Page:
While driving on Wisconsin Avenue in downtown Milwaukee, Attorney Michael Hupy witnessed something routine, yet potentially dangerous. Attorney Hupy observed another driver stop at a marked crosswalk with flashing lights. On face value, that seems like a good thing. What’s wrong with a driver stopping at a crosswalk in accordance with state law?
But just a few moments later, Attorney Hupy saw that same driver approach another marked crosswalk. The next crosswalk did not have flashing lights and the driver did not stop.
Do flashing lights confuse people as to what the law actually means? Do the flashing lights cause people to think they only need to stop if the crosswalk has flashing lights? How often do others do exactly what that driver did?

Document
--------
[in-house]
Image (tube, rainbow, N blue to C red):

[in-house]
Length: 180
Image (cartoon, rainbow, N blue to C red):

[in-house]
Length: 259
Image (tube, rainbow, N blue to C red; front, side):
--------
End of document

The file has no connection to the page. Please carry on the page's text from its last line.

The purpose of the flashing lights is to emphasize the importance of the law. Typically, flashing lights are seen at crosswalks that are particularly dangerous. While it makes sense to emphasize the importance of yielding to pedestrians at the busiest intersections, does it discredit the marked and unmarked crosswalks that don’t have flashing lights?
Far too many drivers either don’t know, or don’t care, that state law requires them to yield to pedestrians at all corners and crosswalks. The last thing we need to do is create confusion on what people are required to do.
Everyone needs to work together to save pedestrians’ lives. Drivers need to be educated, or re-educated, about laws concerning pedestrians and crosswalks. And, as Attorney Michael Hupy stated in his letter to 19 metro-Milwaukee police chiefs and mayors, law enforcement personnel need to enforce those laws and issue citations.